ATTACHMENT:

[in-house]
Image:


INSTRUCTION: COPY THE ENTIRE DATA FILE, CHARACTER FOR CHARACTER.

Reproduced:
[in-house]
Image: